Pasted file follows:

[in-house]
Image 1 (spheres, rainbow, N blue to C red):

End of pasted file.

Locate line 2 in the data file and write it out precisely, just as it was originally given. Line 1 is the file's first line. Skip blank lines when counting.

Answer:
Image 1 (spheres, rainbow, N blue to C red):